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Public-private venture to take effect

By Sgt. David A. Bryant | | August 12, 2004

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Hunt/Lincoln/Clark Family Communities has entered into a 50-year partnership with the station to form a public-private venture limited liability company to manage and maintain military housing.

The civilian partners will take control of housing Oct. 1 and will begin sending out the new lease contracts to military members by Sept. 15, said Jeanne Dziensuwski, PPV project leader, Naval Facilities Engineering Command, San Diego, Calif.

"There won't be much difference between the leases families have now with housing and the ones they will sign with Lincoln (BP Management, Inc.), the management part of the partnership," Dziensuwski said. "Families should see no difference between what they are allowed to do now and what they will be able to do after October first. All utilities except for cable and telephone will still be paid, and the pet policy will remain the same."

The station held two "Town Hall Resident Meetings" per day Aug. 4 and 5 to ensure the residents understand what to expect after the transfer to PPV and to give then a chance to ask questions. Col. James J. Cooney, station commanding officer, opened each meeting to make sure residents understand how concerned he is about the welfare of the families.

"The bottom line advantage to privatization is that our partners can renovate and replace units a lot faster than the normal military construction program can," Cooney said. "PPV is good business practice for both the Marine Corps and our partners. I don't think (Hunt/Lincoln/Clark) would have got into this if they didn't think it would make good business sense. I believe this will benefit our service members by giving them better quality housing in more family-oriented communities."


Having representatives from the civilian partners at the meetings to explain the process and answer questions was a big help, said Gunnery Sgt. Larry D. Johns, station education staff noncommissioned officer-in-charge.

"They basically gave me all the information I was looking for today, and I was able to have all of my questions answered," Johns said. "Since I live on Monegan Loop, (upcoming renovations and rebuilding) will not benefit me. But for some new 'gunny' coming in when all the houses have been rebuilt, he'll get his money's worth out of his (Basic Allowance for Housing)."

Questions asked by residents dealt with issues ranging from the schedule of renovation and demolition of areas to what the cost will be to clean the new houses upon vacating.

"When it comes to cleaning your house when you leave, there will be a big difference from what is now available," said Steven Browne, general manager, Lincoln BP Management Inc. "Right now, residents have to pay a standard $300 to $500 fee for cleaning. The company we use to turn over units will spend only the necessary time to ready the unit and then give us an invoice for what was done.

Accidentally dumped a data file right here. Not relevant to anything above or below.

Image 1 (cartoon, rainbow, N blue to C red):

"Those who are conscientious about cleaning their residence before they leave may only have to pay a small amount just the amount we are billed. However, the resident will be responsible for the amount it costs to ready the unit and no more."

Other questions asked concerned the new lease residents will have to sign, regarding military clauses for permanent change of station orders, short-fuse orders and the possibility of getting out of the lease if the resident buys a home out in town.

"We're here specifically for military housing purposes and are not what you may typically find out in the civilian sector," Browne said about the lease contracts. "We're very understanding of military needs and are willing to work with people on a one-on-one basis."

As to where families will be moved during the rebuilding and renovation process, those who will be affected first have already been notified, said Dziensuwski.

"As each stage of construction progresses, those who will be affected will be notified in advance and a Town Hall meeting will be held to address specific questions," Dziensuwski said.

Some of the amenities residents can expect after construction include a new, centralized swimming pool in the housing area, shaded play areas for children, a children's fountain, gazebos with barbecue areas and two-car garages for the new houses, said Tom Sinton, executive vice president, Hunt Building Company, LTD.

"We will have 30 months to complete construction, beginning from October first," Sinton said. "It may be a little inconvenient at times for residents (because of construction), but we should have everything completed by Spring of 2007."

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